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Wisconsin students sue schools over right to wear gun T-shirts

Students at two Wisconsin schools filed lawsuits after they said they were banned from wearing gun-related T-shirts to school.
/ Source: TODAY

Students at two Wisconsin schools filed lawsuits this month alleging their rights were violated after they were chastised for wearing firearms-related T-shirts to school.

The first lawsuit, filed last week in U.S. District Court for the Eastern District of Wisconsin, details the experiences of two students at Kettle Moraine High School in Wales, Wisconsin.

Both students, who are not named in the lawsuit and are represented as plaintiffs by their parents, wore gun-related shirts to school on Feb. 19 and said they were asked to cover them up.

Two students at Kettle Moraine High School in Wales, Wisconsin, said they were asked to cover up their T-shirts. One shirt shows a gun and "Wisconsin Carry Inc." The other shirt shows a gun and the words "Pew Professional."John Monroe

The first shirt says "Wisconsin Carry Inc.," the name of a grassroots organization that advocates for expanded gun rights. The shirt included the group's logo and what appears to be a handgun in a holster tucked behind the inscription. The second student wore a shirt that included an assault rifle that looks like an AR-15 across the chest and the words, "Pew Professional."

The complaint alleges that the shirts promote "responsible firearm use through improving marksmanship."

In a letter sent to parents last Friday and obtained by TODAY, Pat Deklotz, superintendent of the Kettle Moraine School District, said the school could not directly comment on a matter "relating to particular students."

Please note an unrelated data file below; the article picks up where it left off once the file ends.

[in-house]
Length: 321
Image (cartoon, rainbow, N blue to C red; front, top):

"We can say it has been recognized by courts that the district has legitimate pedagogical concerns in preventing violence in its schools, and we take that concern seriously," Deklotz said. "Wearing shirts with images of weapons is not an issue of free speech and it can be respectfully regulated by the district. Please know that providing a safe learning environment for all students in our schools is always our priority."

Zack Zupke, director of communications for Kettle Moraine School District, added that the school has a history of supporting Second Amendment rights in a statement shared with TODAY.

"The lawsuit alleges a violation of a student’s first amendment right by restricting apparel that has images of guns. The lawsuit does not allege a violation of second amendment rights. In fact, the district has a long-standing record of supporting individuals as they exercise their second amendment rights," Zupke wrote. "We regularly offer hunter safety classes through Community Education. Our trap shooting club was one of the first formed in the state and their accomplishments in tournament play have been recognized by our School Board with pride."

The second incident happened on Feb. 11 at Shattuck Middle School in Neenah, Wisconsin. The unnamed student was sent to the principal's office over a dress code violation not related to the complaint. When the school called home, the student's mother sent her boyfriend to the school with a sweatshirt to cover up the original issue.

That sweatshirt depicts a "medieval helmet and two antique rifles with forks in place of muzzles," according to the complaint, along with a message: "I'm a Patriot. Weapons Are Part of My Religion."

A student at Shattuck Middle School in Neenah, Wisconsin, was asked to cover up a gun-related shirt. His mother's boyfriend brought him a sweatshirt that says, "I'm a Patriot. Weapons are Part of My Religion," and was told it was also not appropriate for school.John Monroe

When the student was told that the sweatshirt was still inappropriate for school, his mother's boyfriend pulled him out class for the day and took him home.

The next day, on Feb. 12, the student wore a Smith & Wesson shirt to school and was told that a shirt advertising the gun manufacturer was not appropriate and that he would need to cover it with a sweatshirt.

A representative for Shattuck Middle School did not immediately respond to a request from TODAY.

The school's dress code "reserves the right to ask a student to change or send students home if their appearance is not deemed appropriate," according to the complaint.